Skip to Content
Streetsblog California home
Streetsblog California home
Log In
Bicycling

Oakland’s Quick-Build Protected Intersections are Safer

Note: GJEL Accident Attorneys regularly sponsors coverage on Streetsblog San Francisco and Streetsblog California. Unless noted in the story, GJEL Accident Attorneys is not consulted for the content or editorial direction of the sponsored content.

Drivers yielded to pedestrians 23 percent and to cyclists by 87 percent more, according to a newly published study of the protected intersections around the Lake Merritt BART station. The intersections, built with a Safe Routes to Transit grant a little over a year ago, were a response to the high injury rate in the historic area.

"Chinatown is a vibrant community where many seniors and children rely on walking to get around, but it’s also home to some of the highest concentrations of high injury corridors," wrote officials for the city of Oakland in a release. These corridors represent "...just six percent of Oakland streets where over 60 percent of severe and fatal traffic crashes occur."

As Streetsblog readers will recall, the five protected intersections were installed around Lake Merritt BART, using paint and K71 bollards. There are no special bike signals. As the photos below show, the city took standard American-style intersections and extended the corners out to shorten pedestrian crossing distances and to force cars to slow as they turn. There's also a cut-through path for cyclists to increases the spacing and visibility between cyclists and turning motorists.

Image: the OakDOT study
Image: the OakDOT study
false

As noted in the above illustration, there was also an 11-fold decrease in close calls. "We are pleased to see the safety results from OakDOT intersections around Lake Merritt BART," Bike East Bay's Dave Campbell told Streetsblog. He noted that his organization and TransForm worked on helping the city get the grant to build them. "Also happy to see a project we helped coordinate get built and be successful."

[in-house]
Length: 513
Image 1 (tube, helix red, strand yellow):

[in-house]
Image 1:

It's worth noting that Bay Area cities (with the exception of San Jose and Fremont) typically build protected bike lane projects without protected intersection or, in the Lake Merritt case, protected intersections without protected bike lanes. The two are supposed to work together as a system to make cycling safe and comfortable for riders of all ages and abilities.

However, Campbell explained that OakDOT is now updating street designs to incorporate both.

OakDOT installing an integrated protected intersection at Telegraph and MacArthur. Photo: Dave Campbell
OakDOT installing an integrated protected intersection at Telegraph and MacArthur. Photo: Dave Campbell
false

For example, the Temescal Telegraph project, seen above currently under construction, was originally slated to have mixing zones with protected bike lanes--but is now getting a protected intersection at MacArthur. "They're borrowing from lessons learned at the protected intersection at Lake Merritt, using paint and bollards," said Campbell. "They're improving on the designs."

Oakland is also designing upgrades for the Lake Merritt protected intersections that will use concrete instead of plastic and paint. The plan is to add parking protected bike lanes too. It's unclear when those will be in place. Streetsblog has an inquiry in to OakDOT and will update this post.

Stay in touch

Sign up for our free newsletter

More from Streetsblog California

Automated Enforcement Coming Soon to a Bus Lane Near You

Metro is already installing on-bus cameras. Soon comes testing, outreach, then warning tickets.

April 19, 2024

Friday’s Headlines

SF plans street redesign at crash site; Santa Cruz commission still supports plan to have both trail and rail; State budget includes subsidies for fossil fuel industry; Unhoused camping; More

April 19, 2024

Legislators Tackle AV, School Zone Safety

Are AVs freight trucks ready to be deployed on California roads with no one in them?

April 17, 2024

Metro Looks to Approve Torrance C Line Extension Alignment

Selecting the relatively low-cost hybrid alternative should help the oft-delayed South Bay C Line extension move a step closer to reality

April 17, 2024
See all posts